Estimated reading time: 4 minutes
We’ve spent a lot of time talking about the challenging recruitment market right now, but today’s reader note reminded me of another tough aspect in recruitment – job transition.
What advice would you give someone trying to transition to an HR role that focus on business culture creation and talent acquisition to match said culture?
I think this is a great question because it touches on several different aspects of a job transition – the job, the company, the culture, and most importantly, your individual needs and wants. Let’s talk about each.
What job are you looking for? First, let’s talk about the work. Not the pay, but the work. You have to decide what you want to do. There could be many things you’re interested in and many things you’re good at. Bottom-line: What do you want to do? Whatever it is, you must be happy with it because you will be doing it all day. For example, in the reader note, they mention an HR role. Is that a generalist or specialist? And if it’s a specialist, what area of specialization – recruiting, compensation, employee relations, etc.? These are the types of questions you need to answer for yourself.
What employee value proposition (EVP) do you need? And want? Now that you’ve identified the work, you can think about what you’d like in terms of pay, benefits, and working conditions. As tempting as it might be to say, “I want it all.”, it could be helpful to define what “it all” means. What’s the minimum pay you’re willing to accept? What are the “must-have” benefits you need? In addition, think about what a company might offer that’s not on your must-have list, but it would be great if it were included. For instance, do you want to ask for authorization to attend a national HR conference? It’s not a deal-breaker, but it would be great. Or maybe that the company would pay for you to get your HR professional certification.
What type of company do you want to work for? In the reader note, there’s no mention of the industry. Granted, some positions might be industry specific. For example, if I’m a pilot, then chances are that I’m working in the transportation industry. Not always, but you get my point. As an HR pro, there are many different industries you can work in. If the work you’re looking for exists in multiple industries, then decide what type of industry would be best for you. Every industry has unique advantages and disadvantages. And if you’re thinking about trying out a new industry, maybe find someone who works in that industry and ask for the inside scoop.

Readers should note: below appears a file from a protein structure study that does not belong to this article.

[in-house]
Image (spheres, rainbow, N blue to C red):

What type of culture do you want to work in? Now that you know what type of company you want to work at, consider the culture. Culture is defined as the “attitudes and behaviors” of the organization. Once you identify the work you want to do and what industry you want to work in, then you can look at the companies in that industry to research which ones have the culture you’re looking for. I do believe it could be more difficult to do this the other way around – meaning identifying a company and then trying to figure out what you would do there in terms of work.
What are you willing to compromise on? What aren’t you willing to compromise? This ties into the last question about culture. If culture is about attitudes and behaviors, it’s important to identify the must-have attitudes and behaviors you’re looking for. And I hate to say it, but identifying culture isn’t about looking at the mission, vision, and values of the organization. While that’s good, it’s about seeing attitudes and behaviors in action. What behaviors do you “have” to see to know this is the right culture for you?
One of the biggest job search mistakes that I see people make is they don’t define what they’re looking for. They settle for “it needs to suck less than my current job”. That’s not the best job transition strategy (but you knew that). Take some time to clearly define your needs and wants so you can plan the transition that’s best for you.
Images from a Banksy exhibit captured by Sharlyn Lauby while exploring the streets of Atlanta, GA14